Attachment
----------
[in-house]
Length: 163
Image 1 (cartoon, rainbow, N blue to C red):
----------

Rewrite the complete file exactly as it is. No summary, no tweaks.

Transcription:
[in-house]
Length: 163
Image 1 (cartoon, rainbow, N blue to C red):